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Know your Artist

  • Know your Artist

Often when an artist of the Renaissance age or later comes to mind, their paintings are of expansive interiors, women in flowing gowns, men with their floppy Medieval hats, all of these in an ornate frames. The aspect ratios and perspectives are near perfect, each artist out doing the other in achieving what best they could in photo realism.                                      

If Leonardo Da Vinci, Michael Angelo, Raphael drew inspiration of the world around them or from biblical mythology, some took the domestic scenes around them as if to chronicle life of those times for posterity.

Johannes Vermeer (October 1632 – December 1675) was one such artist who portrayed domestic and banal events beautifully  in photo realistic effect. While Rembrandt's portraits made him the most popular

Dutch artist of the 17th century, Vermeer was a lesser known artist, untrained, without a gallery presence. His fame even in his life time did not go beyond the small town of Delft or The Hague. But he had a keen eye which made his paintings stand out and also helped him collect art.

His obscurity and confinement to Delft was compounded by the fact that he painted not more than 64 works, of which only 34 can be attributed to him. 

Some of his works such as: The Music Lesson, Girl with a Pearl Ear Ring, The Milkmaid are masterpieces.

These are paintings of ordinary daily life in a typical Dutch household of those days. But extraordinary in composition, treatment of light, use of colours especially ultramarine blue, perspective and realistic texture of objects.

What made them special? Could Vermeer have achieved such detail with minimal training? Often such exemplary skill is gained over years of experience, with several paintings and of course training under a master. Vermeer had none of these prerequisites. Yet his paintings were absolute masterclass.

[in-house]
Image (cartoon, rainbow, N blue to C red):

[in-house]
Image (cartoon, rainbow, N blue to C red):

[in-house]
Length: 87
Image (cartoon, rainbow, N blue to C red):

These paintings and their later day analysis made the world rediscover Vermeer. Or should we say Vermeer's techniques. If you analyse Vermeer's paintings, you will discover a fine mesh of detail, unlikely for the late 16th century. Soon controversies and theories sprouted on the artist's extreme detail. Was he using special optical tools? Did he use a camera? (Camera and photography as concepts were still two hundred years away from Vermeer's time).

As these camera theories criss crossed art debates, his paintings became even more intriguing, drawing in non-art people into the discussion on a bygone era and and an asynchronous technique.

Tim Jenison a techie from Texas was one such interested people drawn into the debate on Vermeer's techniques. Tim Jenison owned a company that made visual editing software. And there ended the commonality between him and art.

He was not an artist.

Yet he was taken in by this construct of a camera in 17th century. He took it upon himself to rediscover Vermeer and rebuild his painting style. He built a Camera Obscura-a primitive form of a camera which operates on a single concave lens, which he presumed that Vermeer could have used to make his paintings. 

What he did next surprised the art fraternity. He painted or rather copied Vermeer's "Music Lesson" using the camera obscura contraption that he painstakingly built. What emerged was a brilliant reproduction. What shocked the world was the fact that Tim knew nothing of art and how to paint. Watch this video Tim's Vermeer, an award winning documentary on how Tim Jenison recreated the "Music Lesson".

Now did Vermeer actually use a camera like device to achieve such brilliant plays with light? Why were all his painting -almost all-of them indoors? And that too in the same room, adjacent to a window? Was it his 'camera studio'? Did he know what a lens was? Several questions remain unanswered to this day. 

At least the last question, whether Vermeer knew what a lens was has been answered.

Vermeer had few friends and Antonie van Leeuwenhoek the inventor of the microscope was one of them. Probably, Vermeer borrowed a lens from Leeuwenhoek and experimented with light and image projections. Maybe that's why his paintings are brilliant for their transparent shadows,photo quality skin tones, folds in the tapestry or cloth. Maybe the lens helped him capture the myriad details in the room. Most of Vermeer's paintings are on a 16x20 inches canvas frame. Was that the size of the projection that the lens allowed?

The theories are still around. Vermeer still draws awe and inspiration. From an obscure town in Holland, his style has captured the imagination of the world, albeit with a mere 34 paintings.


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